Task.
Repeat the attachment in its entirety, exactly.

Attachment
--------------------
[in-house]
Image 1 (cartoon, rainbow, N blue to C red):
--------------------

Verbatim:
[in-house]
Image 1 (cartoon, rainbow, N blue to C red):